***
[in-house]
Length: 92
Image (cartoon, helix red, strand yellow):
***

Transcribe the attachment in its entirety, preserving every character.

[in-house]
Length: 92
Image (cartoon, helix red, strand yellow):